Speaking of forgetting, I've lost count of the number of times I set up a lumberjack flag and forgot to mark tress for cutting. A more prominent warning that the flag has no resources would be nice. The other resource gathering flags just work without marking anything, so I find it difficult to remember tree marking.

 

It would also be nice if the beavers acted a little more intelligently. I remember watching a beaver die of thirst while swimming across my lake. A farmer beaver should be able to uproot and repaint carrots without my having to mark the dead carrots for deletion. I do appreciate that the beavers build things without a direct path to the object.

 

A problem with all resource management games is that the management becomes too difficult when the game scales up. I don't know how you can fix this. Maybe some management assistance when you reach a certain population level or number of districts?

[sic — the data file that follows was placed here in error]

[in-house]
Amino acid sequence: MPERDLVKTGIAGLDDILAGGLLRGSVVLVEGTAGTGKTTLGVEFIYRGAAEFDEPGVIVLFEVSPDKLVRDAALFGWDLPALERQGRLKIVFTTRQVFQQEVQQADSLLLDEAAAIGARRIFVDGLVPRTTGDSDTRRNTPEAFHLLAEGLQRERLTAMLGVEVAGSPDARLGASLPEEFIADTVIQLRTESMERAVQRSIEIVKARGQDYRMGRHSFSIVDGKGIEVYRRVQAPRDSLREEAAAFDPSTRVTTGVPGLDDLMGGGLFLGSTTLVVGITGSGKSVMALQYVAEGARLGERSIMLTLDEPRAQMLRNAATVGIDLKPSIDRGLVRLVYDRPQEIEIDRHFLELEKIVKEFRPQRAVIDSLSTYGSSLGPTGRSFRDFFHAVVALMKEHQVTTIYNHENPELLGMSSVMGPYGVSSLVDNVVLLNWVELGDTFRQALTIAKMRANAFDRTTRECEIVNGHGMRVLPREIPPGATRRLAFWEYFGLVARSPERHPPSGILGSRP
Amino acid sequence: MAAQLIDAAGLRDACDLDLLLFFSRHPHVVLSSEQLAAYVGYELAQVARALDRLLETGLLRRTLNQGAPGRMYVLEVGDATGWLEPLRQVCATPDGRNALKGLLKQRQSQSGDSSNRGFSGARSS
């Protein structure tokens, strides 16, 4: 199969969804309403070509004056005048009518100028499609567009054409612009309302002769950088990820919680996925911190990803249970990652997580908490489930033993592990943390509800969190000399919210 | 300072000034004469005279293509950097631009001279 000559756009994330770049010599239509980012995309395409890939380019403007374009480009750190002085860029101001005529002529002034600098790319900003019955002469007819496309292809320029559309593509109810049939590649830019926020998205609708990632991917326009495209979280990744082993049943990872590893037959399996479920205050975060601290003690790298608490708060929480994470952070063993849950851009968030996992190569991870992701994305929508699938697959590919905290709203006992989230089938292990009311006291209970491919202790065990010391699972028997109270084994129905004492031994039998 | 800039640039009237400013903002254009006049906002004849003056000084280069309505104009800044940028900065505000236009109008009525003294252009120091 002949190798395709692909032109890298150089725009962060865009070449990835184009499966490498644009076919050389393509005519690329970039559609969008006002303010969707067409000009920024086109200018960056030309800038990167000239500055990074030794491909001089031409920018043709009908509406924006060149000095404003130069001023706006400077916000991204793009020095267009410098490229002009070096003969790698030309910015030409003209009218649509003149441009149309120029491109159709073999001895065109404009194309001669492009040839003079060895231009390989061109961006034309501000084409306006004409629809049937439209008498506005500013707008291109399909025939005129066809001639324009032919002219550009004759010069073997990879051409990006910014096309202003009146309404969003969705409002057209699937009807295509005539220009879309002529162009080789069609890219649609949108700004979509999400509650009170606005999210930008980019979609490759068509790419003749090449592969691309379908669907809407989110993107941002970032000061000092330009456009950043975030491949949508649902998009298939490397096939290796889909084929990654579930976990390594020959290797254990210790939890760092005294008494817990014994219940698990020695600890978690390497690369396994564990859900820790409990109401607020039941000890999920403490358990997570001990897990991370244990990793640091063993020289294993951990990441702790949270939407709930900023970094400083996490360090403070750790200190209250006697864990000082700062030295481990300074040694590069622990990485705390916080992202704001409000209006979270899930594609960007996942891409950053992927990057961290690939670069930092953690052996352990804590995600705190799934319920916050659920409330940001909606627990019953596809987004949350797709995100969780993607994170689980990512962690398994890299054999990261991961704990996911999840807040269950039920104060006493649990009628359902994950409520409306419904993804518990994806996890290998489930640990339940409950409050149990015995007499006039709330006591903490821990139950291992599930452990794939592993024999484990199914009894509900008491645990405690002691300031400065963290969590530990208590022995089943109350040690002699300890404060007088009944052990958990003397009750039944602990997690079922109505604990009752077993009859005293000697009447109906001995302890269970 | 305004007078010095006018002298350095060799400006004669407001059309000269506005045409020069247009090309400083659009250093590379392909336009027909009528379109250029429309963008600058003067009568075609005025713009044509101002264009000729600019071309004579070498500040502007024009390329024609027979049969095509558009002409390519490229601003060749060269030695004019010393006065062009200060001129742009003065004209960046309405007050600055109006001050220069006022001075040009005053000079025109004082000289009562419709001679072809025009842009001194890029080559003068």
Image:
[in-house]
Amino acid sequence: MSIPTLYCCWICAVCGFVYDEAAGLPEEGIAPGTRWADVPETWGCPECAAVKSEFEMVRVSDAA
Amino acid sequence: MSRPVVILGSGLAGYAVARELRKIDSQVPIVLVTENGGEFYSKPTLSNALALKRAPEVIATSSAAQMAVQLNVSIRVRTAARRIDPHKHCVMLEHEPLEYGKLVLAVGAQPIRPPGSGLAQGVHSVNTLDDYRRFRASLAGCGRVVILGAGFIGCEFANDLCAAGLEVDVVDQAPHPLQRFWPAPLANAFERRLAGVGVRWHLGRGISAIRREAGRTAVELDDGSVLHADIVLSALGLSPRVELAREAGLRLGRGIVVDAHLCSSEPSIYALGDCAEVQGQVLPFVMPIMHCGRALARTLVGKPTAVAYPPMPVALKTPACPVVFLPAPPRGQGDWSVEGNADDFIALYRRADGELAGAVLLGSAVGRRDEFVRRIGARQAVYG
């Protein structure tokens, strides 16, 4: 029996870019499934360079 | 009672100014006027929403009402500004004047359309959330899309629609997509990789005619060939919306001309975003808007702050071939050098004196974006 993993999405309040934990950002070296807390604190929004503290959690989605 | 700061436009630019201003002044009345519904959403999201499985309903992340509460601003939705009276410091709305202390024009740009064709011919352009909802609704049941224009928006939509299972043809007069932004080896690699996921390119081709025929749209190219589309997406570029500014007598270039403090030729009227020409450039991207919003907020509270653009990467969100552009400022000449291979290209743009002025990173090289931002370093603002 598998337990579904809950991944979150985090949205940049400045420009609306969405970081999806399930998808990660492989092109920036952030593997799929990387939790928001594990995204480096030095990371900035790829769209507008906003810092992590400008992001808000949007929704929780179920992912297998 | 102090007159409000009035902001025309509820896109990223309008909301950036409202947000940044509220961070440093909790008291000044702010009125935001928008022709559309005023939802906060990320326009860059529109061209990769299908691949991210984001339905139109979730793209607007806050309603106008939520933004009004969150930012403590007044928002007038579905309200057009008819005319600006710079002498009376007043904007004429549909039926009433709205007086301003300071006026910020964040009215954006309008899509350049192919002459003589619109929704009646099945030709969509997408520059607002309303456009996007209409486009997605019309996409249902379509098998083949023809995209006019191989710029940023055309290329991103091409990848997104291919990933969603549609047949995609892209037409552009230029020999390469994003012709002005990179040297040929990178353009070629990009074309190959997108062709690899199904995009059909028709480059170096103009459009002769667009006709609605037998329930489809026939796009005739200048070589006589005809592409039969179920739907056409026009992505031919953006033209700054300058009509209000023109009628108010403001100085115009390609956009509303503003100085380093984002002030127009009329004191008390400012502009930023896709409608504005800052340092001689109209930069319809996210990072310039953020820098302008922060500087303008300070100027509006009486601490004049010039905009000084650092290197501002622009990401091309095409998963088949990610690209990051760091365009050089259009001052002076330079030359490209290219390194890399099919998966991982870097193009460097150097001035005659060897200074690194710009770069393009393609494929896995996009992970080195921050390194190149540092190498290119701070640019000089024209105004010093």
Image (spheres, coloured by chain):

I thought that building two large lakes would solve my water problems, but they didn't I find it amusing that 300 liters of water fits in a tank taking up six squares, but a 300 square lake one block deep dries up in a couple of days. I understand that it's a game, but here's no intuitive sense of proportion to guide me when making decisions.

 

To sum up, thanks for creating an engaging resource management game. I hope you appreciate what you've accomplished, as well as take my suggestions seriously.